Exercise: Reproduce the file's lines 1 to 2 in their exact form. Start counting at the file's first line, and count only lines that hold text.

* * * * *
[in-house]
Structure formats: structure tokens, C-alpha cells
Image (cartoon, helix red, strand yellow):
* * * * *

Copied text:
[in-house]
Structure formats: structure tokens, C-alpha cells